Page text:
retail news in context, analysis with attitude

Crain's New York Business reports that the New York City Council plans to introduce this week a bill that would mandate the city's supermarkets "to charge 10 cents for each paper or plastic bag they give customers." The bill, the story notes, is opposed by some in the business community and favored by environmental groups.

The goal of the bill, Crain's writes, is "to dramatically reduce the 100,000 tons of plastic bags that the city sends to landfills each year. The New York City Office of Management and Budget says that New Yorkers annually use 5.2 billion carryout bags, the vast majority of which are not recycled.

"The legislation aims to alter the behavior of city consumers, who would be able avoid the 10-cent charges by bringing their own bags when they go shopping. Los Angeles, Washington, San Francisco and other cities have already implemented measures to cut down on plastic-bag consumption and have seen reductions of 60% to 90% in waste. The New York bill borrows from other cities' bills but does not replicate any one of them."

Examples of the opposition points of view:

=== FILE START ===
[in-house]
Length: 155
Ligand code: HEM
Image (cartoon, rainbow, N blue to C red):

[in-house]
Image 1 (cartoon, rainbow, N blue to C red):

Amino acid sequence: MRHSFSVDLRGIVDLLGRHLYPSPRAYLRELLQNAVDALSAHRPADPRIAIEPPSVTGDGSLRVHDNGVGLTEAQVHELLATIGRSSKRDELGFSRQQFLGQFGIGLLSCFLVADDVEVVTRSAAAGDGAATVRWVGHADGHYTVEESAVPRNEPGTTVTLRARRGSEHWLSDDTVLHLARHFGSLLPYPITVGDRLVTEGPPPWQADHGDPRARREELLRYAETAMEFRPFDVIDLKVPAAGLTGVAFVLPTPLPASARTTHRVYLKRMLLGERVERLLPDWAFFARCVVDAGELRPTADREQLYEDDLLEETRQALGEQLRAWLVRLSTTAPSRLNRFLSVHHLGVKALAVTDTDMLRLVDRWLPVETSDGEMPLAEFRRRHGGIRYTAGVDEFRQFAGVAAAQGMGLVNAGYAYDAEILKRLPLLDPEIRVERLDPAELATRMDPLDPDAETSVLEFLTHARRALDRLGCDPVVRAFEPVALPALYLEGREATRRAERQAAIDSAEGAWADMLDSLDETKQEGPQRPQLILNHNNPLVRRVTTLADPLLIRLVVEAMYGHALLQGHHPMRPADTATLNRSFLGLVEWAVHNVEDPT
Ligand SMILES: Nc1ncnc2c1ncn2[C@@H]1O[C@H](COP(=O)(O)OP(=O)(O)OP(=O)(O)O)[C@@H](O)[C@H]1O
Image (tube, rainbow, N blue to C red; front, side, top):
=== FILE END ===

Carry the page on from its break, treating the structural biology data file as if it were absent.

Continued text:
"We're adamantly opposed to this," says Brad Gerstman, of the New York Association of Grocery Stores. "It's a tax on small businesses and their customers, and it's insane at this juncture to further incentivize customers to go shopping in a different city or state."

"A 10-cent-per-bag tax would be a detriment to hardworking families and businesses trying to make ends meet," says Mark Daniels, chairman of the American Progressive Bag Alliance. "The proponents of this bill are misinformed and largely rely on science that has been hijacked by environmental activists."

The story notes that "in 2008, Mr. Bloomberg tried to impose a tax of six cents per plastic bag, but the measure failed amid opposition from consumers and retailers. Instead, New York passed a law requiring medium-sized chain businesses and stores over 5,000 square feet to recycle plastic bags returned by consumers ... With an environmentally-friendly City Council and Mayor Michael Bloomberg leaving office at the end of 2013, advocates of the bill are looking to get it passed this year."
KC's View:
I wonder which is worse. Science highjacked by environmental activists? Or science manipulated by business interests?

I operate on a simple premise. If I bring my own bags to the store, it prevents whatever bags the store might've given me from ending up in a landfill. That strikes me as the honorable thing for me to do as a consumer, and as someone who is concerned with the fragility of the planet.